LABOR VICTORY. BLOW FOR BOTHA GOVERN MENT. JOHANNESBURG, WED:ESDAY. The elections for the Tran~vaai Provisional Council were held to day. Great interest was felt as to the result because the Labor party had asked for a mandate against the deportation of the nine striko leaders. At a late hour to-night it was known that the Labor party had won the fight and secured a working majority. [Under the Act of Union, each province has an administrator ap pointed by the Governor-General for five years and a Provisional Council elected for three years, mem bers being elected on the same e;y e temrn as members of the Union Par liament. Each Council has an executive committee of four (not necessarily members), the adminis trator presiding at its meetings. The councils have authority to deal with local matters such as provisional finance, municipal institutions, local works, elementary education, agri culture, and so forth. All ordi nances passed by a Provincial Council are subject to the veto of...
STRANGE JEWEL ROBBERY. [Newspaper Article] — Maryborough & Dunolly Advertiser — 20 March 1914
STRANGE JEWEL ROBBERY. A few weeks ago curious news was received in Paris from Nantes to the effect that a daring jewel robbery had been committed there to the detriment of a travelling agent, whose box of jewels was mysteriously removed, and another, filled with soap, pu in its place. The agent, M. xonnot, had come from Besancon with a box full of jewels and a valise. As he had to visit a number of jewellers in the town, he called on one of them, who was till then his best customer, a cer tain M. Plazolles; and as his box was too heavy to move about easily, lihe asked the jeweller to keep it for him as well as the valise. On the following day, according to M. Elazolles, a messenger came and told him that he had orders to take the box and the valise to the railway station. The jeweller stated that he gave up the articles, but soon after wards he alleged he had doubts, and telephoned to M. Monnot, telling him what had happened. M. Monnot was surprised, and said that he had not given ...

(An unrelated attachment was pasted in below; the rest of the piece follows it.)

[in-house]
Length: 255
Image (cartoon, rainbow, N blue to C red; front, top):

COMMERCIAL. HIDE, SKIN, AND TALLOW MARKET. (BY WIRE.) MELBOURNE, Thursday. [Newspaper Article] — Maryborough & Dunolly Advertiser — 20 March 1914
00 EROIAL. HIDE, SKIN, AND. TALLOW MARKET. (BY WIRE.) MELBOURNE, Thursday. The Australian Mercantile, Land and Finance Co., Limited, report:-Sheep skins -Mairket unchanged. Hides firm at late rates. Tallow.-Prime unaltered, good color 5/ to 10/, and badly rendered 10/ to 15/ lower.
Advertising [Newspaper Article] — Maryborough & Dunolly Advertiser — 20 March 1914
INsGAM'S TOMATO BAU I S; yon aI Ingrama's Saue there .; nothing wasted, Invam's omakes the Plainest food too good to leave JAS. MINIFIE & CO., MARYBOROUGH FLOUR MILLS. 'PHONE 47. A. LAND, Manager. FLOUR, MEAL, BRAN, POLLARD and WHEAT, AT CURRENT RATES., Notice to District Consumers. Our Bran and Pollard is Branded distinctly with our name (MINIIFIE.) Ask for that Brand only and SUPPORT LOCAL INDUSTRY.t DISTRICT FAR MERS PLEASE NOTE 1J TIF.A_ WHEAT IN ANY QUANTITIES, BOUGHT UP TO 10,000 BAGS. AND :HIGHEST MARKET PRICE. OATS OA SCASH ON DELIVERY. For Wheat Delivered to the Mill 4d. per bus. above Melbourne ecquivalent given. ARTIFICAL MIIANURES. CUMING SMITH'S MANURES HAVE THE S LRGEST SALE IN AUSTRALIA. FARM RS-° send Your Orders at Once to H. E.WLLAS SOLE DISATROT AGENT, HIIIGH-STREET, MARYBOROUGH. R. DUGGAN (Late oflCaetlemaine), HIDE AND SKIN MERCHANT, TUAGGEA-ST., MARYBOROUGH. SKINS, HIDES TALLOW, Etc., BOGbHT. uTGHZST PRIOR Y QAR LR. TAKE NO OTHER. " For nine years I suf...
LIVE STOCK MARKET. BALLABAT, Tuesday. [Newspaper Article] — Maryborough & Dunolly Advertiser — 20 March 1914